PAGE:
One of the emails I wrote. I also wrote a long doc!
I did try to play the “Anti competitive” song in my subsequent appeals, which I thought was clever, but it didn’t work. Yes, yes, I know they are smart.
After several back and forths, they did increase my quota from 10,000 a day to 15,000 per day. To some degree that was fair, because it’s not like my content was going to make grow Youtube’s userbase, or improve user experience somehow.
For few days, I uploaded videos manually to Youtube, and then set their Title / Description and Keywords programmatically. But as you can guess it wasn’t with the same excitement as before.
What did the videos look like?
You can find all Channels with this youtube search query.
Here’s a sample video.
What Happened to the Content?
Well after I left the project, I came back to check on the videos after two years. The metrics are fascinating to look at, so I share those metrics below.
Note: I did nothing to grow these channels. All videos in these channels were the output of a simple Python code, except of course, I had to upload most of the videos manually, and then update the metadata through code.
Metrics from Two Years
|SoKnow French||5.4K||90 Hours||53|
|SoKnow Hindi||21K||345 Hours||173|
|SoKnow English||26K||112 Hours||37|
|SoKnow Korean||4.2K||23 Hours||7|
|SoKnow Japanese||35.3K||155 Hours||24|
|SoKnow Russian||6.6K||82 Hours||14|
|SoKnow German||3.5K||18.3 Hours||5|
|SoKnow Finnish||7.4K||7.6 Hours||8|
|SoKnow Arabic||683||2.8 Hours||1|
Two years, and even all channels combined don’t reach the “minimum” criteria for monetization (4,000 watch time and 1000 subs). But it’s very likely that it would have, if the content was uploaded for 365 days (instead of 2) along with consistent improvements.
This is not adding value!
While I agree that the videos uploaded might not have added as much value to the world, but I’m pretty sure that some users did find them useful. We can confirm this with the number of Likes on the videos, and watch time.
It's all about perspective.
Most people learn things through videos, and a lot of information that’s in English is not readily available in other languages, for example look at the SoKnow Japanese Channel. Not only would the search engines fail at bringing information to those users through search – discovering and translating the content is another major hurdle for users in different languages.
“Quality” content is subjective, and I can easily argue that majority of content online today is not only useless, but harmful.
Some Learnings from this Experiment
There were lot of fundamental learnings from this little experiment. Some of them are “of course”, when you think of them deeply, probably not.
1. Break down of Grand Vision into mini ideas
I’m happy I didn’t go down the path of first learning how to build music with AI. It would’ve taken me fairly long time.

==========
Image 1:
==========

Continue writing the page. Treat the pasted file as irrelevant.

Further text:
It’s very likely that the fact that Youtube Quota is a thing, and it’s so limiting for uploading videos would’ve skipped me for months, and I would have regretted spending time making sub-par music files built with AI.
Thanks to using Wikipedia text, I was able to identify this issue relatively early on.
2. Limitations of Dependencies
If you’ve ever played Slither.io, or at least heard of it, note that the creator built it mostly alone, and declined to use Cloud services to host the game. He ran all of it from his own house on bare metal.
Most great engineers don’t like dependencies, and there’s a valid reason for that. The more dependencies you have, the more areas of surprise elements there will always be.
Yes, it's worth it.
Before starting a project, always note the limitations of the services you’re planning on using.
Note: Smarter thing would be to first write a Design doc about what the project is, what are the dependencies etc., but their efficacy for personal projects is questionable.
What I definitely recommend is to create a sort of check list or breakdown for myself, to make sure all grounds are covered, but in this case, “quota limitation” was left out, thanks to my mind subconciously convincing me about “50 UI uploads”
3. Beware of Derivative Products
Maybe Youtube had the API quota set to 50 uploads a day, but they could still change it anytime.
Youtube is an independent product, continuously being improved, experimented and built upon.
If you’re building a product that’s a derivative of another product, it will always have the big risk of failing at anytime if the product you’re relying on falters.
Was it interesting?
I hope you found this experiment interesting and it brings out some thoughts and ideas in your mind.
If you’d like to share your thoughts, I would love to hear them. Feel free to connect with me, or subscribe to my future posts below.
Alternately leave a comment on the Youtube video. Or wherever you found this article.
I was bummed that it didn’t work the way I had hoped it to, but I am content that I tried it.
If you’d like to take a look at the code, this Gist was one of the most updated ones: Github Gist of Code here. Note the code is very scrappy, not well structured, but it works. You are free to use it, copy it and break it.
At least a hundred plus channels on youtube have done it incredibly well, for example this one: Emma Saying which has over 600K subs, and it just outputs one word from Google Text-to-Speech and makes a video about “pronunciation”. Most of them had much earlier start which was critical to their success.
I also wish I had started my own Youtube channel before, but hey, better late than never. I bet you’ve probably had some hacky, interesting ideas too, and all I want to say is → Just do it!
What am I building now?
I’m currently working on YRL - A platform that enables you to make partnership deals based on CPC and CPA, just like how Adsense and Adwords does it for Google.